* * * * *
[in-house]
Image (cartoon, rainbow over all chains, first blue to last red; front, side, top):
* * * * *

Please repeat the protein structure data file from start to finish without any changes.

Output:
[in-house]
Image (cartoon, rainbow over all chains, first blue to last red; front, side, top):